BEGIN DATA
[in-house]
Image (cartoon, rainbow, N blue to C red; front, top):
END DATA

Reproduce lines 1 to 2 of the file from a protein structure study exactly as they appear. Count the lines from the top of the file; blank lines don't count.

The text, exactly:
[in-house]
Image (cartoon, rainbow, N blue to C red; front, top):